Those sensitive to changing weather will notice that near Halloween (October 31), a perceptible chill enters the air — everything is at once mysterious and nostalgic. This is the time of All Hallow’s Eve, a precursor to All Saint’s Day on November 1 (Halloween’s Christian variant).
In truth, Halloween’s roots go deep; the ‘day of the dead’ stems from Celtic folkloric traditions and boasts a rich history — later transformed by Christian traditions.
A brief history
According to an article on watchman.org, Rick Branch (in Samhain: History of Halloween) traces All Hallow’s Eve to Samhain (pronounced Sa-wain), celebrated by the indigenous Celts and Druids of the British Isles. Today, the festival is still celebrated by small sects of Druids, Wicca-practitioners and Neopagans.
Halloween— as we know it today— borrows its specifically supernatural textures from this pagan festival of the dead: “The observances connected with Halloween are believed to have originated among the ancient Druids, who believed that on the evening, Saman, the lord of the dead, called forth hosts of evil spirits”, reports Funk & Wagnalls New Encyclopedia.
It was perhaps the most momentous celebration of the Celtic year, hailed as a day of preternatural potency, when the veils between our world and the ‘otherworld’ of sinister entities wane and become closely linked.
Confusing malevolent spirits
Modern Halloween get ups — ghosts, ghouls, monsters, spirits, vampires and so forth — are a derivative of traditional Celtic costuming. More than just dressing up for a rollicking Halloween rager or scaring friends and relatives witless, Halloween costumes actually safeguard us from the spirits of the dead. The ancient Druids and Celts wore animal skins and masks on Samhain to confuse spirits that passed through the physical plane on this charged day.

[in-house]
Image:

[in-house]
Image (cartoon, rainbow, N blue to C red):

Trick or treat, spirits be gone!
Ever wonder why people go trick or treating on Halloween and leave massive bowls of candy outside their homes? They unknowingly protect their homes from evil beings and entities that may want to get inside. The practice also originates from a Samhain custom, in which food was left out for spirits to bar them from getting past the threshold into one’s home.
Others trace the ‘trick or treat’ ritual to Celtic beggars, who would show up at the homes of the rich demanding alms and food, threatening homeowners with ‘evil spirits’ if they refused.
“Carving Jack-o-lanterns is also a tradition that came from the Celts — only they used turnips instead of pumpkins”, reports historyofhalloween.net. The legend of the Jack-o-lantern begins with Jack, a local prankster and drunk, who succeeded in tricking the devil to climb up a tree and trapped him there. Jack made a deal, making the devil promise to never tempt Jack again. When Jack died, his soul was neither allowed into Heaven (for his evil ways) nor into Hell (for trapping the Devil). His poor, unwanted soul forced its way back to the cold winters with nothing but an ember to light the way. Jack placed the light into a hollowed out turnip to make it last longer. Upon coming to America, the Irish switched to using the pumpkin, finding it more spacious and lasting.
It’s too bad that Halloween’s rich and interesting etymology remains elusive to so many — the combination of Christian influences and a capitalist agenda have leeched this day of its age-old sacredness. Pumpkins carved into grotesque visages, a litany of supernatural costuming, door-to-door ‘trick or treat’ visits, specials on television and wild parties define this annual holiday — watered down and appropriated by Hallmark and the efforts of commercialism.
Published in The Express Tribune, October 31st, 2011.
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